One of my favorite types of stories is of the trickster. In the United States we have Brer Rabbit or even Bugs Bunny (kids give you a blank look when you expect them to know who that is.) The trickster is like to tell you about today is Hershel of Ostropol.
Hershel is a Jewish folk character that may have been a real person. We will talk about him again in December — I love his Hanukkah story. But I wanted to find more stories about him to share with my fourth grade students. I found some great ones right on the Wikipedia page as well as a wealth of other Jewish sites.
Here is the one that literally had me laughing out loud at my desk.
When Hershele was a child, he had a number of brothers and sisters, of which he was the smallest. Thus, whenever they had a meal, he’d be the last to get anything. As a result, whenever they had goose, he never got to eat a foot, which was his favorite part. One evening, he snuck into the kitchen before dinner and cut a foot off of the goose, slipping it under his shirt to hide.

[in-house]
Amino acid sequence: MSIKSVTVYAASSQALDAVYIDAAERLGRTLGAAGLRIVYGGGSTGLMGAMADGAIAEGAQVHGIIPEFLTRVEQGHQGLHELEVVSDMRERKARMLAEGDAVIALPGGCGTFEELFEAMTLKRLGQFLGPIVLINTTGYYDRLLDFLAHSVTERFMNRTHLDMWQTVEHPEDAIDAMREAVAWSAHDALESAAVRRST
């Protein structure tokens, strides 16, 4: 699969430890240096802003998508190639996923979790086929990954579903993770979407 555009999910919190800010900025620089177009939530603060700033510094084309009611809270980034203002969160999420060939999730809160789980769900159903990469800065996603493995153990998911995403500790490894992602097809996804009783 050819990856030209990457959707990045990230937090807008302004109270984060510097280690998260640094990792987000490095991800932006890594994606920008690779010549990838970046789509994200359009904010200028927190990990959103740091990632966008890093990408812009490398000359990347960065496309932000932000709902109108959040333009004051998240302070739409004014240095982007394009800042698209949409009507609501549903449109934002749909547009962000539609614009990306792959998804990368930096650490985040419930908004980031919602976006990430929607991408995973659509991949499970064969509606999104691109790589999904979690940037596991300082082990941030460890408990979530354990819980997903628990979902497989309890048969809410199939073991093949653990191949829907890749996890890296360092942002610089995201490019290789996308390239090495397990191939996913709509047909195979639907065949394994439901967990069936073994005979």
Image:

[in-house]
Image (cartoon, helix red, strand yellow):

During dinner, his father noticed that Hershele’s shirt was grease-stained and that the goose’s left foot was missing.
– “Hershele,” he said. “Did you take the goose’s foot?”
– “No, father,” he said. “Maybe it was a one-footed goose.”
– “A one-footed goose? There’s no such thing!”
– “Sure there is. I’ll take you to see one after dinner.”
That evening, Hershele took his father out to a lake near their village. A flock of geese were sleeping on the banks, each tucking one foot into its body so that only the other was visible.
– “There’s one,” said Hershele, pointing. Thinking to outsmart his son, his father clapped, waking the goose and causing it to lower its other leg.
– “There. Now, Hershele, will you admit that you stole-”
– “Wow, father! You just clapped and the goose grew a foot! Why didn’t you do that to the one at the table?”
How can you not love this guy!